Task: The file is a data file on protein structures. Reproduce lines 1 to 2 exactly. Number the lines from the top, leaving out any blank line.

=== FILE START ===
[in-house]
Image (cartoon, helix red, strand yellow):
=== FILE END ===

[in-house]
Image (cartoon, helix red, strand yellow):